Second-Order documents (hereafter, 2nd-order) are those primary sources that support or challenge the 1st-order document. We suggest the teacher bring in three to five 2nd-order documents, which may be comprised of textual (print) documents, images (photographs, paintings, charts, and tables), or artifacts. These 2nd-order documents should serve two purposes. Some 2nd-order documents should corroborate ideas found in the 1st-order document. Other 2nd-order documents should contrast the ideas found in the 1st-order document. 2nd-order documents therefore surround the 1st-order document. Our purpose is that through discussion students will achieve a more nuanced understanding of the past as they consider how the 2nd-order documents support or challenge the 1st-order document. 

Third-Order documents (hereafter, 3rd-order) are primary sources students eventually find themselves. All teachers experience at one time or another the moment when a student enters class and exuberantly describes a primary source (perhaps a family photograph, a letter, an old newspaper article, a family story, or a primary source found on the Internet) that relates to a topic or idea recently discussed in class. These experiences may be all too infrequent, and we argue that they should be made more systematic. A 3rd-order document, therefore, is a primary source every student locates and is important to him or her. We emphasize, however, that the student must find a 3rd-order document that relates to their teacher’s 1st-order document. 

Selecting the First-/and Second-Order Documents

Something more must be said about the selection of a 1st-order document. There are two key criteria: its historical value and its potential contribution to students’ historical knowledge and thinking. As teachers determine a document’s historical value, they should consider at least two essential qualities. First and most importantly, does the source represent the heart of a historical issue or periodization in history? The teacher’s selection of a 1st-order document is an act of interpretation. It determines the intellectual direction of subsequent discussions. Second, the source should express a position so vividly that its articulation enables opportunities for other documents to be found that challenge or corroborate the position. The best 1st-order document is one that has the above qualities and has the potential to contribute to students’ historical knowledge and thinking.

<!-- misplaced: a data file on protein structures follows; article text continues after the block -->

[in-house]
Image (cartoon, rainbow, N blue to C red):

When teachers select documents for analysis in their classes, they must consider multiple factors that relate to fostering students’ knowledge and ability to think historically. Here are several questions that must be asked when teachers select a 1st-order document:

  • Will this document be of interest to my students?
  • Will the document enable students to draw upon their prior knowledge?
  • Does the document allow students to relate the concept, idea, or event to knowledge with which they are familiar?
  • Does the document allow students to examine change over time?
  • Is the document appropriate cognitively for students?